Chirac's nuclear flag-waving a signal to the US: analysts

20th January 2006, Comments 0 comments

PARIS, Jan 20, 2006 (AFP) - By warning that France could use nuclear weapons against state sponsors of terrorism, President Jacques Chirac is signalling that the United States does not have a monopoly on nuclear deterrence, analysts said.

PARIS, Jan 20, 2006 (AFP) - By warning that France could use nuclear weapons against state sponsors of terrorism, President Jacques Chirac is signalling that the United States does not have a monopoly on nuclear deterrence, analysts said.

French experts also agreed that Chirac's speech on Thursday did not mark a fundamental policy shift but rather a refinement of current nuclear doctrine.

Chirac's unexpected warning to "rogue" states was intended to show that "one does not leave the monopoly of deterrence to the Americans", argued Dominique Moisi, of the French Institute of International Relations (IFRI).

"It was a Gaullist-inspired speech aimed at giving renewed legitimacy to France's deterrent arsenal, within the context of Europe," he said.

Jean-Pierre Maulny, deputy director of the Institute of International and Strategic Relations (IRIS), also saw the message as an assertion of nuclear independence from the United States, but one aimed at France's European partners.

"Jacques Chirac wants to give credibility to the European Union's strategic autonomy," Maulny said — despite the fact that, according to one military expert, most European nations wish to remain under the US nuclear umbrella.

France and Britain are the only EU nations to have nuclear arsenals.

Asked whether Britain would consider using nuclear arms against state sponsors of terrorism, the British Foreign Office said its policy was not to give advance warning of its intended response to specific threats.

Meanwhile, Maulny questioned the strategic wisdom of Chirac's decision to clarify French strategic doctrine in the face of emerging threats.

"Is this necessary? That's not certain. Because the doctrine of deterrence is all the more effective when it stays vague," said Maulny. "Under (late presidents) De Gaulle and Mitterrand, the doctrine was simply to say: 'I have nuclear weapons and I will not hesitate to use them.'"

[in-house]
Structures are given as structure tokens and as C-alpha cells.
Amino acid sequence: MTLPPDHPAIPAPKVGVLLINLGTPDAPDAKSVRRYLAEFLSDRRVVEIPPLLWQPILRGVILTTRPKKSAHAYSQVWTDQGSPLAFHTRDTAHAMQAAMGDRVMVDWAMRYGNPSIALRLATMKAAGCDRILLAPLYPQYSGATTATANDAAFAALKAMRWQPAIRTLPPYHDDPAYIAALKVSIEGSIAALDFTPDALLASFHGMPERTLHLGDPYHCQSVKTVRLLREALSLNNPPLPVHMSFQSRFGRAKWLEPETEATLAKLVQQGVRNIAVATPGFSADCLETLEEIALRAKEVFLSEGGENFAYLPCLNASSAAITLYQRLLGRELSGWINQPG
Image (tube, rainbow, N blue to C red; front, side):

In a wide-ranging policy speech, Chirac warned on Thursday that any state that sponsored a terrorist attack — or was considering using weapons of mass destruction —  against France, would be laying itself open to a nuclear attack.

He also extended the definition of the "vital interests" that France would defend with nuclear weapons to include its allies and "strategic supplies" — widely taken to mean oil — and condemned "the temptation by certain countries to obtain nuclear capabilities in contravention of treaties".

Although no specific country was mentioned, Chirac was understood to be referring to Iran. The West is currently engaged in an escalating dispute with Tehran over its nuclear programme and is seeking to win guarantees from Iran that it is not developing nuclear arms.

"We are thinking quite clearly of Iran," Moisi said of that reference by Chirac.

Chirac also indicated in Thursday's speech that the previous Cold War strategy of threatening enemies with massive and widespread destruction had been changed to a doctrine permitting a graduated and limited nuclear response.

He said that France had configured its nuclear arsenal — widely believed to number between 200 and 300 warheads — to be able to respond "flexibly and reactively" to any threat, by reducing the number of heads on certain missiles.

Such a move would enable it to conduct strikes on specific targets and limit the zone of destruction.

Both Maulny and François Heisbourg, director of the Foundation for Strategic Research, warned against drawing too swift a parallel with the United States' so-called "mini-nukes", developed to destroy installations such as deep underground bunkers.

According to Maulny, Chirac's statements mark a clarification but not a fundamental change to the nuclear doctrine he outlined in 2001.

"Chirac is saying: France is adapting. We are applying the same strategic thought but to deeply different circumstances," agreed Moisi.

Heisbourg saw a similarity with British strategic policy "in terms of the ability to shoot missiles that are not equipped with their full payload".

"That gives the possibility of extending the range but also of carrying out something other that a massive strategic strike," Moisi said.

But above all Heisbourg argued that Chirac, who is nearing the end of his term in office, had delivered a "heritage speech, a nuclear testament, in relation to which future presidential candidates are called upon to position themselves".

Copyright AFP

Subject: French news

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